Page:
Dr. King’s last night alive in powerful ‘Mountaintop’ at Greenbelt Arts Center

By Daarel Burnette II

This article was originally published in DC Theater Arts here.

What resonates most about Greenbelt Arts Center’s rewarding twist of the play The Mountaintop is the way Director Rikki Howie Lacewell and her crew deftly deploy sound, props, and lighting to place, humanize and deify Martin Luther King Jr., masterfully played by Ryan Willis, on the day before he was assassinated.

In one scene, King, conspiratorial, frustrated with the direction of his movement, and visibly exhausted, twists the receiver of the black rotary phone situated in his Lorraine Motel room to assure that the FBI is not spying on him. He then dashes off into the bathroom where we hear for 15 seconds the sound of him ranting and urinating before stumbling back to his desk where he manages to sketch out the outlines of the Poor People’s Campaign in less than two minutes.

In another particularly emotional scene, sound designer Jim Adams ramps up the noise of a Memphis thunderstorm: whooshing wind, splattering raindrops, and ear-splitting cracks of lighting, which sends King’s heart racing: he’s not scared of the KKK or the American government or God (who’s here cast as a woman). But, it turns out, he’s petrified of lightning.

The whole of Black American history can be so depressing, violent, and overwhelming for its consumers that playwrights are prone to sum its parts up into more palatable, usually uplifting stories about heroes and villains. This focus on the extremities drains civil rights leaders of their fallibilities, distorts our mainstream understanding of how average Black and white people navigate the bizarre nature of America’s caste system, and, outside the theater, has us all on the constant lookout for the next magical hero who will fight today’s perceived villain.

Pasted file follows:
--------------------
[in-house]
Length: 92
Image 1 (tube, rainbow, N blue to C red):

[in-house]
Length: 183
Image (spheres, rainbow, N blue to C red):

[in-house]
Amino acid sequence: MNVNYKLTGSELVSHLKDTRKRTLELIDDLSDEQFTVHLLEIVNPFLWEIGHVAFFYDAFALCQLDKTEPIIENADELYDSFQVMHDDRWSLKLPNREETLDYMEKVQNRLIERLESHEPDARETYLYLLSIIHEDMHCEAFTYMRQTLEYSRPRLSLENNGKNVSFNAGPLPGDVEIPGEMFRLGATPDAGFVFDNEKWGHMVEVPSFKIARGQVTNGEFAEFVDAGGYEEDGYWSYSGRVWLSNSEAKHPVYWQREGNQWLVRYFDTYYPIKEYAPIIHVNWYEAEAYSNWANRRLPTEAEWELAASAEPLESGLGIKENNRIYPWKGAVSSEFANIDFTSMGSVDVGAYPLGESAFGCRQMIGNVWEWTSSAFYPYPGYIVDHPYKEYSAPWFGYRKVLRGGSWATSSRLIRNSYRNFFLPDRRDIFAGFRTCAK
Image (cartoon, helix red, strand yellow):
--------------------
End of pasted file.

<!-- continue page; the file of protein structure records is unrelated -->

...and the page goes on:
The Mountaintop, which was written by Katori Hall and debuted in 2009, interrupts this narrative.

On the evening of April 3, 1968, King is serviced at the Loraine Motel by Camae (Lydia West), an attractive maid with a bottle of whiskey and a pack of cigarettes stuffed in her bra, a sketchy past, and unusual ideas on what Black civil rights looks like.

Camae, it’s revealed partway through the 90-minute play, is an angel of death, and King begins to contemplate through a series of monologues what Black folks will do without him leading the movement.

It’s clear from the opening lines of the play that Director Lacewell, who also designed the set, spent an inordinate amount of time during rehearsals paying attention to detail.

Willis’ southern drawl, which he impressively maintains throughout, is eerily similar to King’s. The blocking made it clear there was thick sexual chemistry between Martin and Camae.

And the lighting interchangeably halos Camae and Martin.

You’re reminded over and over again through this powerful script, Lacewell’s choices, and Willis and West’s stealth acting, that King was an imperfect man. His socks are stinky and have holes in them. He begs for a cigarette when he gets anxious. Before his wife calls to update him on the latest threat she’s received, King perversely stares at Camae’s backside.

You’re also reminded, though, how much hope Americans placed in King to snuff out our caste system and how he so boldly volunteered to do so.

Lacewell’s prologue leaves us with a call to action that I found stirring. She manages to do with Black history what more artists should: complicate, elevate, and force us all to reflect on our varied roles.

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